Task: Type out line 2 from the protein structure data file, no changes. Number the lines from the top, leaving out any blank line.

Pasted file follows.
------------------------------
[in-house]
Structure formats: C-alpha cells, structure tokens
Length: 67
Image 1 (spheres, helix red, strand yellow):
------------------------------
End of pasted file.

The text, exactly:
Structure formats: C-alpha cells, structure tokens